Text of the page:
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Well, in the V edition of Conversations for Leadership on Women, Science and Health held on July 6 in Madrid, they met Maria Neira, (Director of Public Health and Environment of the WHO); Rosa Menendez (president of the CSIC) and Patricia Fernández De Lis, journalist and science communicator to discuss some perspectives such as the female gap in the professional world, how the pandemic has been managed, the unequal distribution of vaccines in the world or how important it is to fight for reliable information and thus avoid the social degeneration caused by fake news.
There have been many reflections that the talk with these three exceptional women left us, moderated by Francisco J. Marco, General Director of Business Support at MAPFRE, the insurer that has turned to alleviate the effects of the pandemic, dedicating more than 45 million euros in aid for millions of people around the world, as well as the company’s full commitment to promoting talent. Let’s see:
Female gap and career path
When asked if their careers have been easy or difficult, each of the speakers gave their vision.
María Neira comments that “you have to know how to extract the best of the bifurcations that the road brings in life.” He confessed that his career is the result of “circumstances, because you make decisions. Nothing replaces an open mind to alternatives. You are accepting certain challenges that you had not thought of. In the United Nations you are more privileged, because much importance is given to closing gaps. In Africa, Asia and Latin America I have seen tremendous difficulties, I have worked very masculine worlds where girls did not have the possibilities that I have had. When I talk to women, I tell them: Don’t accept anyone telling you how far you can go. You can do everything. In the leadership part, you have to take many steps. ”
From left to right: Francisco Marco, Director and Director of Business Support at MAPFRE, Patricia Fernández de Lis, journalist and scientific disseminator, founder of Materia, Rosa Menéndez, President of the Higher Council for Scientific Research (CSIC) and María Neira, Director of Public Health and Environment of the World Health Organization.
The case of Rosa Menéndez has certain similarities. For her there are actions that have not been raised. Rosa says: “I have worked a lot, with an open mind. I was one of the first doctors to go to England. It was a cure for humility: in Spain we were no less intelligent, it helped me to appreciate what I had had. It gave me tremendous security. I did not notice any type of discrimination because of being a woman, but I have to admit that I agreed to work in the Commission [presidió la Asociación Europea de Materiales de Carbono] thanks to the fees. He worked a week outside of Spain and if he said he had two children, they would think: you will be divorced. (…) Everything I have done I have enjoyed. Difficulties are forgotten. ”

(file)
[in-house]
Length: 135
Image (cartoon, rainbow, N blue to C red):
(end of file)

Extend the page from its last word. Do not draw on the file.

Patricia F. De Lis, for her part, assures that “journalism is highly feminized. I have not encountered many problems. But from the beginning my orientation was towards technological, economic and scientific journalism. (…) I have been thinking about it: I have come across a problem because I am a woman. But I see a change. Every time I talk to more women, I interview more women. Sometimes we have experiences where we miss ourselves, we stumble in our own careers. Sometimes we impose the barriers on ourselves. ”
Managing the pandemic
It has been one of the most prominent points of this event. Because of what it has meant for society, because of its economic relevance and because of its proximity in time. Patricia F. De Lis, assures that this year has been the worst of her life. “We had to make an online newspaper, remotely, with complex, changing, terrifying information… But the newspapers do not want uncertainty. We have had very few certainties, it has been an extraordinarily complex year. In science we work with papers, at first we received studies in their purest form and it was difficult to convey them to the readers. The CSIC and the WHO have helped us a lot. ” For Rosa Menéndez it has not been easy either: “We had challenges such as coordinating 120 centers, teleworking, the utmost rigor in security matters. The effort was made with the coronavirus. We react in a week. We contacted virologists such as Luis Enjuanes and Mariano Esteban, so that they could put their experience within a global health platform, coordinated by Margarita Del Val, as quickly as possible. We had products on the market, we analyzed the presence of the virus in the air, in the water, genomic sequencing … This level of effort cannot be maintained because humanly you do not resist. ” María Neira shares with her colleagues that personal feeling of responsibility, her eyes red from fatigue and the feeling of helplessness. “You cannot imagine how it was in the WHO, converted into an operations center, but which has a very strong team at the head of Emergencies. I had three obsessions: proportion, balance, and context. At WHO we have great convening power, we can work with the best. I am grateful for the intellectual and human generosity of the CSIC and of the national centers in the world. How many scientists have we called at 3:00 in the morning, 9:00 in Geneva? At no time did they make excuses. Now we have to turn our attention to the human factor. ”